How to Improve Your Credit Score

How to improve your credit score

Your credit score is an important factor when you want to get a home loan. The higher your scores, the more likely you are to qualify for a home loan at the most favorable terms.

If your credit score is not where you want it to be, you are not alone. While improving your credit scores takes time, the sooner you address the issues, the faster your credit scores will go up.

1 – Pay Your Bills on Time

Your past payment history is a good predictor of your likely to pay your bills on time in the future. Lenders want to know whether of not you will pay and if you will pay on time.

You can improve your credit score by paying all of your bills on time as agreed every month. Paying late or making a payment for less than what you originally agreed to pay can negatively affect your credit score.

2 – Pay off Debt

Anything owed to someone else is considered debt, and that includes student loans and car loans. Ongoing bills, like electricity, water and utilities, aren’t considered debt. Those are just variable monthly expenses. The same goes for things like insurance, taxes, groceries and childcare costs.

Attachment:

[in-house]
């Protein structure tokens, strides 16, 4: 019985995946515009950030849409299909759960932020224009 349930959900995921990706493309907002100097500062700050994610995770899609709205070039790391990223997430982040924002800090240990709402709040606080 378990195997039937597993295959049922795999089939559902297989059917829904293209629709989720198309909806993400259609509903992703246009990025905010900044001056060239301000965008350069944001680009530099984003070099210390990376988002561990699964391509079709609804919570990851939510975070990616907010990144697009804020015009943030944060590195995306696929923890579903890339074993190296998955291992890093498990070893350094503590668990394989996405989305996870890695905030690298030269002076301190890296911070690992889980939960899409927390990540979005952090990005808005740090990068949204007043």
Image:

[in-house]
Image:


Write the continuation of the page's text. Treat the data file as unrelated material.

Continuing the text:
While paying off debt is never easy, decreasing the amount of debt that you have will help you to qualify for a home loan.

3 – Keep Balances Low on Credit Cards and other Revolving Credit

There is a credit utilization ratio that is an important number in credit score calculations. It is calculated by adding all your credit card balances at any given time and dividing that amount by your total credit limit. For example, if you typically charge about $2,000 each month and your total credit limit across all your cards is $10,000, your utilization ratio is 20%.

To figure out your average credit utilization ratio, look at all your credit card statements from the last 12 months. Add the statement balances for each month across all your cards and divide by 12. That’s how much credit you use on average each month.

Lenders typically like to see low ratios of 30% or less, and people with the best credit scores often have very low credit utilization ratios. A low credit utilization ratio tells lenders you haven’t maxed out your credit cards and likely know how to manage credit well.